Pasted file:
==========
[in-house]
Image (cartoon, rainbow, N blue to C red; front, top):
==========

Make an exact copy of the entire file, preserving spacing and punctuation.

[in-house]
Image (cartoon, rainbow, N blue to C red; front, top):